This week I thought about things we maybe don't need to know, maybe the un-known. I say this after watching my mother undergo cataract surgery four feet away from me. Glass separated us. I could choose to watch the procedure either in "person" by turning my head to the left or "up close" by looking straight ahead at the TV screen, where the surgery took place and was recorded, with edifying narration.
Okay, so what did I need to know about my mom's cataract surgery? That it worked. That she didn't hurt. That it was a good decision. Did I need to see the emulsification of her cataract and the subsequent vaccuming of its debris? Maybe. Did I need to watch as the surgeon cut her eye? No. Especially no if I were looking to my left and actually watching the surgeon slice my mother's eyeball. No.
That got me thinking about the pop phrase TMI (Too Much Information). It's all around us. We don't ask for all the data shared with us, non-stop, nearly everywhere we go. Even though I was flattered with my gut doctor telling me, as we reviewed my colonoscopy pix, that my colon was one of the most beautiful he'd seen, I'm not sure I needed to discuss the appearance of my colon with him. I would probably have been fine with his saying "Everything looks great" and not jointly trekking through the curving highway of my scoped entrails.
When I'm shopping, I really don't need to see the details of that woman's body, squished as it is in undergarments too small and knit outerwear that's too thin. I really don't need to see the details of that man's body, who is apparently choosing to not wear undergarments under his sweats. Nor do I need to see the forms of my co-workers who just finished their workouts, all wrapped up in Spandex. I do not need to see that woman's expensive implants, as perfectly pert as they are. I do not need to see that young man's underwear as he bends down in front of me at the checkstand.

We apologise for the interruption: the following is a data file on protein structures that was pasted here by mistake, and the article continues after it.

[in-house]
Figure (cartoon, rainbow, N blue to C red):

There is much on television I do not need to see. I do not need to know the details of daily life of Snoop Dog, the Osbornes and even the Kardashians, as beautiful as they are. I do not need to know how Sandra is doing now that Jesse is "out" with his inked floozy. I do not need to know what angst Jen is going through without a man. Spare me, please. And I REALLY don't need to know the details of Kate Gosselin's new body. Really.
At work I learn more about employees than I want to know, including their sad realms of health and domestic relations, as well as the pieces that are missing from their ability to determine what behavior is appropriate for the workplace and what is not.
At home I learn more about my neighbors than I need to know. Please spare me the late night staggering about in the driveway or the ramped up diatribe of an unhappy adult child.
In the political realm, I shudder at the excess info I receive, starting with LBJ's scar, through Bill's philandering cigar work, to Palin's sad saga of unwed child hooked to a narcissistic stud.
Spare me, please.
I think of a mentor I had in graduate school, a very reserved, pretty much up-tight Renaissance scholar. To him, Milton was cool ("bomb"). To him, Herrick was racily erotic. To him, the courtly love tradition was where it's at. I savored his observations, in person and, after leaving campus, in more than a decade of joyous correspondence. I appreciated his shock at the impudence of full and unsolicited disclosure. He yearned for coyness, for the valor that is discretion, for the ability to hold back information that may be unsettling and unnecessary. He liked nuance and hints and serendipidous revelation.
Maybe I'm more like him than I think. Maybe the overload of skin and disfunction is more offensive to me than I typically let on. I'm thinking that there is some profound joy in discovery, in mystery, in hesitation. Though I appreciate all the wonders of immediacy that technology and the web allow us, maybe I long for the day when imagination was given a chance to work, before graphic full-face video exploded any doubt. Maybe I long for the more refined, graceful days of Audrey Hepburn and Gregory Peck, when less really was more.